In C code speaking, a line can be displayed using that portion of code :
supposing that LATC initial value was Zero ( first column) : LATC++;TXREG=PORTB;asm nop;asm nop;asm nop;asm nop; LATC++;TXREG=PORTB;asm nop;asm nop;asm nop;asm nop; .. and so on until the 60th col has been reached

Practicaly speaking, the line can’t be composed of 640 pixels, because in the 64us time is included the sync pulse time (4.5us) and the front/back pulse blanking times. thats the reason why the RAM line len is 512 pixels maximum.

Practice of this hardware on the Minitel-1 CRT has shown that only the bytes 0 to 60 can be used ( even if 64 accessible bytes are available in ram )

When coding C for that kind of hardware job, its often necessary to switch to ASM code, because timing is critical.
the asm NOP is usefull to keep the timings as precise as 100ns exactly when needed (and it IS needed ).
Looking at the asm code generated by the C compiler is a must do, if you dont want to have unexpected results once compiled.
For example, doing

LATC=0; // c code
will be compiled like ASM ( supposing there is no 'optimize' option as directive for the compiler ) :
MOVW 0;   // asm code
this set of instruction, compiled like this, will take 4 cycles to execute. It could have been written directly in ASM like this :
CLRF LATC; // asm code for 'clear file'
INCF LATC; // asm code for 'increment file'
Wich will take only 2 cycles to execute, and do the same. ASM rules :D ...

Now, lets take a look at the front and back porch blanking.
This time lapses are very important for CRT electron beam. if that 2 blankings are not correct, you can have your picture damaged when displayed.

Here is a real-life exemple of a bad blank timing :
This is the picture with the problem : the right and left part are the same : a grayscale , from total black to full white brightness (with some additional graphics, but we dont care for that )
As you can see, on the left part of the picture, the dark side of the grayscale is not dark enough. in fact, while the electron beam is getting back to the start of the line, it’s not blanked for sufficient time. this lack of blanking generates the ”whitey’ cloud on the left of the screen :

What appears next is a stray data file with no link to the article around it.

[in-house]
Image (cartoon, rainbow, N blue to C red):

Now, here is the scope capture of the signals :

Top : SYNC signal, Bottom trace : VIDEO SIGNAL

Top : SYNC signal, Bottom trace : VIDEO SIGNAL

The video signal of the minitel’s video board is inverted. thats why, when ‘blanked’, it has to get ‘high’ (5V).
Notice what happends during the sync pulse : the video signal gets right after the end of the pulse to a low level, wich is ‘bright white’ level, for the minitel. But thats the reason of the problem : after the sync pulse, the ‘back porch’ blanking is not executed, creating the ‘whitey’ artifact, on the screen.

Now, you can check the difference with this 2 new pictures :

Now the grayscales are fine for each sides of the screen

Now the grayscales are fine for each sides of the screen

and here , one can see the blanking signal after the SYNC pulse

and here , one can see the blanking signal after the SYNC pulse

If you have looked carefully at the scope’s traces, you have noticed that the video signal looks like analogic.
And you’re right.

That scope traces come from the hardware version ‘2.0′.
If you understood the theory of operation of the v1.0, then you’ll understand most of the hardware V2.0 schematic.

For now, its a prototype, i’m working on these days…
Here is the schematic of that new circuit :

Take a look at that movie and check by yourself ..

after some adjustements , the full capabilities of this hardware version is now visible...

after some adjustements , the full capabilities of this hardware version 2.0 is now visible...

to be continued..

Stay tuned for more theory coming soon :D !